Yellow Fever outbreaks in South America and Africa


Recent outbreaks of Yellow Fever are continuing in South America and Africa

Yellow Fever (YF) is a disease caused by infection with yellow fever virus. It is considered to be one of the most lethal viral diseases. It is transmitted to humans through the bite of infected Aedes and Haemogogus mosquitoes. YF occurs in tropical regions of Africa and in parts of South America. Endemic regions include countries (or areas within countries) where there is the potential for human infection because of the presence of the mosquito vector and of the YF virus in non-human primates. To date YF has not appeared in Asia or the Pacific region. 

The WHO estimates that there are approximately 200,000 cases of yellow fever, causing 30,000 deaths, worldwide each year, with 90% occurring in Africa. 

Although ongoing cases and outbreaks of YF are occurring in Africa and South America, the disease is preventable by vaccination and remains a very rare cause of illness in travellers to these areas. From 1970 through 2015, a total of 10 cases of yellow fever were reported in unvaccinated travellers from the United States and Europe who travelled to West Africa (5 cases) or South America (5 cases). Eight (80%) of these 10 travellers died. There has been only 1 documented case of yellow fever in a vaccinated traveller. This nonfatal case occurred in a traveller from Europe who visited several West African countries in 1988. 

YF vaccination has two aims:

  1. To prevent the international spread of the disease by protecting countries from the risk of importing or spreading the yellow fever virus.
  2. To protect individual travellers who may be exposed to yellow fever infection.

Countries that require proof of vaccination are those where the mosquito vector and potential non-human primate hosts of YF are present. Any importation of the virus into such countries by infected travellers could result in its propagation and establishment, leading to a permanent risk of infection for the human population.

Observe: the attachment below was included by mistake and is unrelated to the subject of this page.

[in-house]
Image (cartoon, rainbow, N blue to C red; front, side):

A single dose of yellow fever vaccine is enough to confer protection for life against yellow fever and a booster dose of the vaccine is not needed. The vaccine provides effective immunity within 30 days for 99% of persons vaccinated. 

Immunisation against yellow fever is indicated for the following groups:

  • Those travelling to, passing through or living in an endemic area
  • Those travelling to any country that requires an International Certificate of Vaccination or Prophylaxis for entry
  • Those handling potentially infectious materials (e.g. laboratory personnel) 

People who are usually excluded from YF vaccination include:

  • babies under nine months of age
  • pregnant and breastfeeding women
  • people over the age of 60
  • people with weakened immune systems – such as those with HIV
  • people who are very allergic to any of the ingredients in the vaccine – including people with an egg allergy 

Travellers to affected areas are advised to ensure that they:

  • receive the yellow fever vaccine at least 10 days before travelling to an affected area and
  • take precautions against mosquito bites, day and night, including:
  • Use of anti-mosquito devices (insecticide-treated bed nets, spray, repellents) and wear long sleeves and trousers
  • Mosquito repellent based on a 30% DEET concentration is recommended. Before using repellents, pregnant women and children under the age of 12 years should consult a physician or pharmacist
  • For new-born children under three months, repellents are not recommended. Insecticide-treated bed nets and protective clothing should be used instead 

Further sources of useful information:

  • The Centers for Disease Control and Prevention (CDC), US provides maps of Yellow Fever affected areas
  • World Health Organization (WHO) country list of YF vaccination requirements and recommendations
  • WHO suite of information on yellow fever in Portuguese 

Country requirements for YF vaccination are subject to change at any time.